12 COVID-19 cases confirmed in county, 1 probable case

Staff reports - and The Associated Press

As of Tuesday afternoon, there were 12 confirmed cases and one probable case of COVID-19 in Fayette County, according to Fayette County Public Health (FCPH).

No individuals are hospitalized at this time, and five have recovered (please note, the number of confirmed is cumulative, so that number will include recovered cases). There have been no reported deaths from COVID-19 in the county. The age range of cases is 20-65 years old.

According to FCPH, confirmed cases are cases that are confirmed by a laboratory.

Effective April 9, the Centers for Disease Control and Prevention (CDC) established diagnostic criteria for probable COVID-19 cases. Diagnosing physicians are required to report cases that have been diagnosed with the established criteria to the local health district within 24 hours.

“Recovered” means an individual has been isolated for at least seven days, according to FCPH, fever-free for at least three days, showing no other symptoms, and released from monitoring by FCPH.

According to FCPH, prevention is still the best tool:

“It remains important to follow the stay at home order. Due to the limited availability of testing, many who have symptoms of COVID-19 will be treated but may not be reflected in the number of confirmed or probable cases.”

If you have symptoms of COVID-19, contact your medical provider. If you do not have a medical provider, call the Adena Coronavirus Hotline at 1-740-542-7233 or FCMH Same Day Care Clinic at 740-333-3333. If you need emergency care, dial 911 or go to the emergency department.

In Columbus Tuesday, a federal judge gave Ohio officials an early victory in a lawsuit challenging the shuttering of nonessential employers in response to the pandemic.

The judge rejected a Columbus bridal shop’s bid for a temporary restraining order that would have allowed it to reopen.

While another hearing on the lawsuit is set for May 11, U.S. District Judge Algenon Marbley said in his decision Monday that state officials have legitimate reasons for setting the restrictions on businesses.

The bridal shop and its attorneys argue the state should give businesses a way to appeal individual closings. But Marbley said that isn’t practical.

Other coronavirus-related developments in Ohio:


The Ohio High School Athletic Association officially canceled spring sports after Republican Gov. Mike DeWine announced that schools statewide will stay closed for the remainder of the academic year while classes continue remotely.

Health and safety remains OHSAA’s top priority as it considers how the pandemic might also impact fall sports, Executive Director Jerry Snodgrass said.



A former Republican fundraiser convicted in a state investment scandal was released from prison Tuesday after the GOP governor ordered early release for him and some other inmates who are older or have health issues that make them more vulnerable to the virus, The Blade reported.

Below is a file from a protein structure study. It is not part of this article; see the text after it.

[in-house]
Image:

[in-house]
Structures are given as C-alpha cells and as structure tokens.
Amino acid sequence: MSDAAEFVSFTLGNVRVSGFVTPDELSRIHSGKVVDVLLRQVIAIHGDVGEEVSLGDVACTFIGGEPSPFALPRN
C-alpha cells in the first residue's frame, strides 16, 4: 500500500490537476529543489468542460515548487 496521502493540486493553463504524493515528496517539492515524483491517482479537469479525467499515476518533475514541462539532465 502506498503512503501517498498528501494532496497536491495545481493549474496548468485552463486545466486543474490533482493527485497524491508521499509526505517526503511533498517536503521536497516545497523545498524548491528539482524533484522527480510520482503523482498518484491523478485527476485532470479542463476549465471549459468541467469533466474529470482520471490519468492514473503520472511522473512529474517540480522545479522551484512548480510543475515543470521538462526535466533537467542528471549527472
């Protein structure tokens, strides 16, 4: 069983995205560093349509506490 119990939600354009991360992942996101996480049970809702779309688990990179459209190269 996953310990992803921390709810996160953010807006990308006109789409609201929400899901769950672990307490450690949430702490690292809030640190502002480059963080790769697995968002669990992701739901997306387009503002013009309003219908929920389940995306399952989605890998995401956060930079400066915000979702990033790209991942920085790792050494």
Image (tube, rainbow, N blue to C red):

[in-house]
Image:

Former Toledo-area coin dealer Tom Noe, 65, had served nearly 12 years of an 18-year state sentence.

He was freed from Marion Correctional Institution, where about 1,950 of the 2,500 inmates have tested positive for the virus. Noe has not, his attorney told the newspaper.

The Marion prison and the Pickaway Correctional Facility are getting attention as hot spots for coronavirus cases while such facilities around the country struggle to manage amid the pandemic.



More than 13,700 cases of the virus have been reported statewide, including 557 deaths and 2,800 hospitalizations, Ohio officials said Tuesday. DeWine announced the death of a resident of Northwest Ohio Developmental Center in Toledo, the first death in a a state developmental center.

DeWine said Tuesday the U.S. Food and Drug Administration approved a new version of the testing reagent, a development that will significantly expand Ohio’s ability to test for the coronavirus.

DeWine also announced he had appointed former governors Bob Taft, a Republican, and Dick Celeste, a Democrat, to lead a statewide task force focused on obtaining supplies to ramp up testing further.

For most people, the virus causes mild or moderate symptoms that clear up within weeks. Older adults and people with existing health problems are at higher risk of more severe illness, including pneumonia, or death.



TV talk show host Jerry Springer, the bands OneRepublic and Train, singer-songwriter Jewel and former Cincinnati Reds pitcher Bronson Arroyo are among the planned participants in a Wednesday night livestream telethon to benefit United Way of Greater Cincinnati’s COVID-19 relief efforts.

Donations will fund help for people in 10 counties in southwest Ohio, southeast Indiana and northern Kentucky.


Staff reports

and The Associated Press